The part that I what to pick up on is the ending of your stated, i.e. “the apostles are servants of YHWH in bringing about the restoration of Israel”. I think there are two important facets to this statement of yours.
1) The “restoration”of Isarel” is code for “resurrection” is it not? I found it interesting that bskeptic on your other blog entry The Coming of the Son of Man: theology or history? did a very good job of connecting the dots of (Israel’s) resurrection to the destruction of Jerusalem and the coming of the Son of Man (which I agreed with 100% and acknowledge is a valid connection to make).
2) The usage of the present passive “bringing about” in your statement. I agree whole heartly with you that the apostles were “bringing about” (progressive action on their/God’s part) the restoration of Israel in the 1st century. But I also think:
A) that ”restoration” and “resurrection” are, indeed, one and the same, which means that if restoration was a progressive action then resurrection would also have been presented as a progressive action too. So, the question to be answered is can a progressive resurrection be found in Paul’s teaching, such as 1 Cor. 15? Of course this means that, if true, the nature of Israel’s “resurrection” also needs to be (re)considered. Does Paul teach an individual physical bodily resurrection as Christendom teaches, or did he teach something different? Perhaps a corporate body resurrection?
B) that bskeptic’s observations are spot on; outside his demand for a physical bodily resurrection.
I, many times, as I read your blogs (and books) have thought about confronting you with this trail of “dots”, that you seem to ignore, and then when I read bskeptic’s post I thought, ah, here we go. But you were silent.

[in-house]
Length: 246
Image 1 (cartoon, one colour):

I know this is off topic to for this blog entry but I’ve got to put it out there. So, I am doing my best to perhaps lure you into perhaps addressing the connection between the coming of the Son of Man and resurrection or the lack thereof. Perhaps you can address this in some future blog posts?
Rich, I’ve been meaning to go back to bskeptic’s argument. It may or may not happen. For now, since this is off-topic, as far as the Gospels go, it could perhaps be argued that resurrection is a figure for the restoration of Israel. This does not mean that Jesus’ resurrection was not real, but there is certainly in sense in which it embodied the resurrection of Israel on the third day, as in Hosea 6:1-2.
I think that the early church—Paul and Revelation most clearly—taught, in effect, a real resurrection of the martyrs in conjunction with the victory of Christ over Rome.
I would also make the general point that the coming of the Son of Man from Jesus’ perspective is not quite the same as the coming of the Son of Man from Paul’s perspective. Jesus is concerned with the renewal of Israel, Paul is concerned with the rule of God over the nations.
I love this especially this part: